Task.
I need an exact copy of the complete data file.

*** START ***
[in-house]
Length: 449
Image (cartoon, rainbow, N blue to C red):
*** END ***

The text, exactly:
[in-house]
Length: 449
Image (cartoon, rainbow, N blue to C red):